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A typical house has a roof, walls, and a foundation; in building science, they’re called the “building envelope”.  The building envelope protects the structure from the elements (sun, wind, rain, damage, etc.), and it also keeps the inhabitants warm.  Unfortunately, most builders don’t pay attention to building science, so many houses experience problems with leaks and mold, not to mention the constant maintenance necessary to keep a building from deteriorating.  A “rain screen” is relatively new technique being used in residential construction, where the structure and insulation are separated from the exterior skin of the building.  This allows moisture and air to circulate without compromising the thermal performance of the building envelope.  

Taking this concept one step farther, I’d like to separate the skin from the structure entirely, so it can move and shift to accommodate its ever-changing surroundings (sun, wind, rain, etc.).  This skin could deflect winter winds, follow the sun moving across the sky, or even open up to collect rainwater.  Here’s some of my inspiration:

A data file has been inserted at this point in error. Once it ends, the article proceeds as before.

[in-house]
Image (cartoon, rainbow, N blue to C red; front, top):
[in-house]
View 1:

Hoberman is the best:



  1. GOOD FOR YOU STEVE!!! I know its hard times for everyone, but I like to hear that you are standing up for what you believe in, and that you are willing to take a risk. I think in the long run, that will be good for you. I like this concept of a protective cover to go over homes as they are being built. I have been recently dealing with a TON of structural issues in my condo, including a very leaky window, and masonry that is falling off the outside wall. And the place is all of 7 years old.

    Anyway. I hope your project goes well, and that you have fun!

  2. Admirable and fascinating, Steve.

    • Thank you!

  3. So, wait. You want to live in a yurt, right? Everything old is new again….

    • I think the perfect scenario for the future would be a symbiotic balance of traditional techniques/materials and modern technology. Have you read “Ecotopia” by Ernest Callenbach? It’s required reading if you live in Berkeley! Check it out.

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